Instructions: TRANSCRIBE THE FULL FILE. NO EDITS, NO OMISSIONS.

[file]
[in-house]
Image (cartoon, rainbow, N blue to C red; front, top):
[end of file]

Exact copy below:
[in-house]
Image (cartoon, rainbow, N blue to C red; front, top):